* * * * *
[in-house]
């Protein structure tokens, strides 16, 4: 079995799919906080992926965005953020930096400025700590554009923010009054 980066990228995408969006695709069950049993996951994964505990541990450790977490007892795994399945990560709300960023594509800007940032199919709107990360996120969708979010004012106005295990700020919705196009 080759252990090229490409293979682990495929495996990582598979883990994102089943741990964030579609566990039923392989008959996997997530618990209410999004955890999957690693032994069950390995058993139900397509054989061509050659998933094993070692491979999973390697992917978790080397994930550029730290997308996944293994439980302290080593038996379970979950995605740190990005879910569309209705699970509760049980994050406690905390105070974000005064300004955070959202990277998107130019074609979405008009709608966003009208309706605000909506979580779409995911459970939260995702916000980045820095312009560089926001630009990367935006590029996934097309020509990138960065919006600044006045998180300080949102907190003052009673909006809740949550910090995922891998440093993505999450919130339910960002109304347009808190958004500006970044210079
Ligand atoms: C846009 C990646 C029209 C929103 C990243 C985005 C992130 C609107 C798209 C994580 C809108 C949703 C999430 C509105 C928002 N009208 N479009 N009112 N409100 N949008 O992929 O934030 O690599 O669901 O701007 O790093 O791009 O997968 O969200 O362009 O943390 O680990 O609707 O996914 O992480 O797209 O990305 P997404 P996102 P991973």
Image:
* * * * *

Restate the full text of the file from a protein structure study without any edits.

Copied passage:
[in-house]
């Protein structure tokens, strides 16, 4: 079995799919906080992926965005953020930096400025700590554009923010009054 980066990228995408969006695709069950049993996951994964505990541990450790977490007892795994399945990560709300960023594509800007940032199919709107990360996120969708979010004012106005295990700020919705196009 080759252990090229490409293979682990495929495996990582598979883990994102089943741990964030579609566990039923392989008959996997997530618990209410999004955890999957690693032994069950390995058993139900397509054989061509050659998933094993070692491979999973390697992917978790080397994930550029730290997308996944293994439980302290080593038996379970979950995605740190990005879910569309209705699970509760049980994050406690905390105070974000005064300004955070959202990277998107130019074609979405008009709608966003009208309706605000909506979580779409995911459970939260995702916000980045820095312009560089926001630009990367935006590029996934097309020509990138960065919006600044006045998180300080949102907190003052009673909006809740949550910090995922891998440093993505999450919130339910960002109304347009808190958004500006970044210079
Ligand atoms: C846009 C990646 C029209 C929103 C990243 C985005 C992130 C609107 C798209 C994580 C809108 C949703 C999430 C509105 C928002 N009208 N479009 N009112 N409100 N949008 O992929 O934030 O690599 O669901 O701007 O790093 O791009 O997968 O969200 O362009 O943390 O680990 O609707 O996914 O992480 O797209 O990305 P997404 P996102 P991973």
Image: